While the intent of Title III of the Americans with Disabilities Act was to improve equality of access to goods and services offered by places of public accommodation, the Plaintiffs’ bar has seized on the law to recruit serial litigants—also known as “professional plaintiffs” or “paid testers”—to repeatedly sue businesses for minor, technical violations without actually seeking to purchase anything at all.
Earlier this year, the Ninth Circuit in Langer v. Kiser considered the question of standing in a case involving a serial litigant who had previously filed close to 2,000 ADA lawsuits. Private plaintiffs are limited to seeking injunctive relief under Title III of the ADA, so a plaintiff suing a place of public accommodation must show a sufficient likelihood of injury in the future to establish standing. For an ADA “tester,” the stated primary purpose of visiting a place of public accommodation is to “test” compliance with accessibility laws, rather than to purchase goods and services. In Langer, the district court noted this, doubted the plaintiff’s intent to return because of his involvement in so many ADA lawsuits, and it dismissed his case for lack of standing.
The plaintiff appealed and presented the Ninth Circuit with the question of whether a district court may rely on a plaintiff’s litigation history to question his credibility and intent to return to a place of public accommodation. At the time Langer issued, the Ninth Circuit had previously concluded that a plaintiff suing under Title III of the ADA can establish standing through being a “tester.” The Langer panel expanded on this negative precedent, confirming that a plaintiff’s motivation for visiting a public accommodation was irrelevant to standing. And while Courts of Appeal typically give great deference to district court findings relating to credibility, the panel deemed the district court’s credibility determinations improper to the extent they relied on the plaintiff’s serial litigation history.
Langer may not be the end of the story, however. In Acheson Hotels, LLC v. Laufer, 143 S. Ct. 1053 (2023), the U.S. Supreme Court granted a petition for certiorari to answer the following question: “Does a self-appointed Americans with Disabilities Act ‘tester’ have Article III standing to challenge a place of public accommodation’s failure to provide disability accessibility information on its website, even if she lacks any intention of visiting that place of public accommodation?” The First Circuit Court of Appeals in Acheson held that the plaintiff had standing to sue a hotel over whether its website provided sufficient information about the hotel’s accessible features, even if the plaintiff had no intention of ever booking a room at the hotel. The First Circuit thus joined the Eleventh Circuit in accepting “tester” standing to file an ADA Title III lawsuit. In contrast, the Second, Fifth, and Tenth Circuits have rejected ADA “tester” standing on identical facts, and the Fourth, Sixth, and Seventh Circuits (considering closely similar facts) all required a plaintiff to show that the plaintiff had an interest and intent to visit the public accommodation, beyond the desire to bring a lawsuit as an ADA tester.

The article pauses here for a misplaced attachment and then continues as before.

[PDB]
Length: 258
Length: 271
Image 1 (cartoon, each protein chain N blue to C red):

With Acheson, the U.S. Supreme Court has the opportunity to resolve this circuit split and clarify whether “tester” standing is in and of itself sufficient to bring a claim under the ADA. We are continuing to monitor for further developments.